Focus on Asia Pacific
The main concern for the insurance market in the Asia/Pacific region is the frequency of loss, with several carriers having more than one loss occurrence in the year.
There have been 62 incidents in Asia/Pacific in 2009, including eight fatal accidents involving 115 passengers and crew. The total gross hull losses equate to excess of USD310 million.
During the final quarter of the year, Asian carriers experienced the following treatment, (lead premium):
Premium % Change Premium % Change
AFV >= US$100M All Accounts
October +48.45%* +44.92%*
November +0.02%** +2.39%
December +5.85% +5.98%
Average Q4 +11.09% +12.09%
Source: Marsh Ltd.
* Includes two airlines with loss A.P.s, (NACIL & Lion Air).
** Only a single renewal.
The average Fourth Quarter figures for Asia/Pacific premium changes compare favorably with a global average of +19.92 percent for that period. On the whole, the region has been treated fairly benignly in comparison with the rest of the world. Naturally certain loss active risks will have been treated differently, particularly in those areas with a recent history of losses. A number of these accounts can expect to receive a less sympathetic hearing during their 2010 renewal.
While there will be sufficient capacity available at competitive prices for the major Asian carriers, placements for regional airlines with poorer loss records may prove difficult. Capacity may be restricted and placement of this business could require employment of sub-A rated security in order to complete certain risks.
The aviation reinsurance market suffered two significant losses during 2009: the Colgan Air (US regional carrier) and Air France events. A combination of potentially significant per passenger awards and overall loss levels led the excess of loss reinsurance markets to raise rates for the November 2009 to January 2010 renewals.
Following the 2009 losses some insurers were faced with a choice of price or retention increases, or both. For those insurers writing a full book of major risks and with an attachment level of the equivalent of USD200 million Original Market Loss (OML) they found it more economical to increase retentions levels to USD250 million OML. In some cases, in addition to the increase in retention levels, there were also price increases. Those insurers focusing on risk business of a more regional / domestic nature or risks operating in a lower liability environment can continue to purchase excess of loss coverage at lower levels of OML.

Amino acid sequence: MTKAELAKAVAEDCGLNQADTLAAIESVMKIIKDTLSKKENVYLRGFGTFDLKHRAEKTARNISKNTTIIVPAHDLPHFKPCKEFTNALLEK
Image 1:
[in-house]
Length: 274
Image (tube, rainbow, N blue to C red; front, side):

Recent loss experience has led reinsurers to increase rates. However, the reinsurers’ pricing decisions will also be impacted by increases in client retention levels, client contributions to profit over the years and the competitive reinsurance environment. The bulk of the increase has been contained within the primary layers with smaller increases above this level being evenly spread through the rest of the programs.
Once a consensus between reinsurers and reinsureds on pricing has been achieved the capacity of the excess of loss market should remain sufficient at all levels, although the layers attaching less than USD300 million OML for major risks remains tighter.
There are robust levels of capacity to provide insurers with sufficient reinsurance protection to cover the potential multiple loss event or clash scenario.
Excess of Loss rate changes:
Major risks (loss involved) 10 - 20% increase
Major risks (clean renewal) 5 - 7.5% increase
The global recession has had an impact on the airline industry, impacting passenger numbers, load factors and cycles, and the reinsurance industry is aware of this. However with year on year increases in passenger liability awards the reduced traffic during the recession has had limited impact on pricing, as severity remains a key component within the reinsurers’ modeling projections.
In the absence of a major loss, insurers renewing their programs in the early part of 2010 should expect their renewals to be similar to those of the end of 2009 and 1st January 2010.